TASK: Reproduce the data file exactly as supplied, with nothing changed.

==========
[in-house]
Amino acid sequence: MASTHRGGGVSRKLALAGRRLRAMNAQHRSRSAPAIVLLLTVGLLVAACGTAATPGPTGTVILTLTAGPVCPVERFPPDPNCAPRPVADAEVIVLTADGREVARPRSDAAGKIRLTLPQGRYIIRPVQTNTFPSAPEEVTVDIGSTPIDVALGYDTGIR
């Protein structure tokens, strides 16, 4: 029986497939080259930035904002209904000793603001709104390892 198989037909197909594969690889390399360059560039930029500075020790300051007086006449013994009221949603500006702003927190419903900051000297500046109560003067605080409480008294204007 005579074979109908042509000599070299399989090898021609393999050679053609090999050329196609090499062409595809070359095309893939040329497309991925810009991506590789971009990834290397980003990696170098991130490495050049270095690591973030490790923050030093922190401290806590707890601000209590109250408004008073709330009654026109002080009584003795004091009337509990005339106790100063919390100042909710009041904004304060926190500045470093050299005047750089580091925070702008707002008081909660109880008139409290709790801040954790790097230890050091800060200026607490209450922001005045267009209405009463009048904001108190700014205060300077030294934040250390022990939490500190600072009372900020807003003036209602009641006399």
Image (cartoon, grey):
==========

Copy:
[in-house]
Amino acid sequence: MASTHRGGGVSRKLALAGRRLRAMNAQHRSRSAPAIVLLLTVGLLVAACGTAATPGPTGTVILTLTAGPVCPVERFPPDPNCAPRPVADAEVIVLTADGREVARPRSDAAGKIRLTLPQGRYIIRPVQTNTFPSAPEEVTVDIGSTPIDVALGYDTGIR
């Protein structure tokens, strides 16, 4: 029986497939080259930035904002209904000793603001709104390892 198989037909197909594969690889390399360059560039930029500075020790300051007086006449013994009221949603500006702003927190419903900051000297500046109560003067605080409480008294204007 005579074979109908042509000599070299399989090898021609393999050679053609090999050329196609090499062409595809070359095309893939040329497309991925810009991506590789971009990834290397980003990696170098991130490495050049270095690591973030490790923050030093922190401290806590707890601000209590109250408004008073709330009654026109002080009584003795004091009337509990005339106790100063919390100042909710009041904004304060926190500045470093050299005047750089580091925070702008707002008081909660109880008139409290709790801040954790790097230890050091800060200026607490209450922001005045267009209405009463009048904001108190700014205060300077030294934040250390022990939490500190600072009372900020807003003036209602009641006399």
Image (cartoon, grey):